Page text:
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Selected Shorts: Travelers: A Wallace Stegner Tribute

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Sunday, July 17, 2011

A traveling salesman lost in a snow storm finds himself, and a farm family dreams of an excursion to town in two stories by this American master.

The stories on this program were the fruit of  a SELECTED SHORTS visit to the state of Utah, where we presented a program at the beautiful auditorium of the new Library in Salt Lake City—a stunning edifice designed by the architect Moshe Safdie.  The program included selected works of Wallace Stegner, best known for the novel Angle of Repose.  Stegner spent a good part of his life in Utah and depicted it in his novels and short fictions.   

As the two stories on this program demonstrate, he was a vivid word painter of the harsh and majestic Western landscapes and the inner struggles of the people who inhabit them.  Each of these stories is connected to automobiles and each depicts a spiritual as well as a physical journey. 

In the first, entitled “The Traveler,” a salesman’s car breaks down in the snow on an isolated country road on a dark night.  In the course of his efforts to get help and to simply survive, the man finds himself, to his surprise, on a journey of self-discovery.  The reader is Jack Davidson.

If our first Wallace Stegner story began with a car breaking down, “Goin’ to Town” begins with an old flivver that just won’t start, no matter how much the father cranks it up and fiddles with the wires under the hood.  And this is very bad news for the young boy who has looked forward to the day when his parents and he would drive from the isolated hardscrabble farm to the far away nearest town for the picnic, rides, fireworks, and holiday parade that will break the monotony of the endless, repetitive chores of farm life.

Much of the drama of this story has to do with the outward mechanics of trying to start the inert jalopy.  But a great deal has to do with the inner emotional life of father, mother, and boy.  This led us to try a rare innovation in our SELECTED SHORTS style, arranging the third-person narration and the three-way family dialogue among three actors’ voices.  Lillo Way is the voice of the young boy, and Jack Davidson and SHORTS host Isaiah Sheffer take turns as the father and mother. 

The musical interlude in this program is “Eventide” by Kenneth Fuchs. The SELECTED SHORTS theme is Roger Kellaway’s “Come to the Meadow.”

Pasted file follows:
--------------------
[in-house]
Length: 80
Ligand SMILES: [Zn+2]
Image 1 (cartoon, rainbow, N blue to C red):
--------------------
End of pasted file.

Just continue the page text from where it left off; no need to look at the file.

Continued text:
“The Traveler,” by Wallace Stegner, read by Jack Davidson 

“Goin’ to Town,” by Wallace Stegner, read by Jack Davidson, Isaiah Sheffer, and Lillo Way.

 For additional works featured on SELECTED SHORTS, please visit http://www.wnyc.org/shows/shorts/

We’re interested in your response to these programs.  Please comment on this site or visit www.selectedshorts.org

 

Comments [1]

Michael Corden from New York City

How very unfortunate that you spoiled the story by giving so much away with the phrase "an old flivver that just wouldn't start no matter how much the father...cranks...and fiddles..."

Why did you do it? Why should we, the audience, know in advance that the effort was to prove futile. Why dash the possibility that we would identify with and share with the boy the hopes and anxieties that yet even as they fail in each effort, that they may actually make it. And have that hope dashed as the day (the story) progressed?

You do know, don't you, that yours was an act of careless and reckless disregard of your audience? Give us a break and don't get in the way. Let Stegner's words alone reveal the shattering of the prospect of the excitement away vs. the monotony at hand.

For me, it was torturous to know the ending and the ultimate futility of these people's efforts. Do it again and you will lose me forever.

Michael Corden
NYC

Your spoiler:
... “Goin’ to Town” begins with an old flivver that just won’t start, no matter how much the father cranks it up and fiddles with the wires under the hood. And this is very bad news for the young boy who has looked forward to the day when his parents and he would drive from the isolated hardscrabble farm to the far away nearest town for the picnic, rides, fireworks, and holiday parade that will break the monotony of the endless, repetitive chores of farm life.

Jul. 17 2011 04:47 PM

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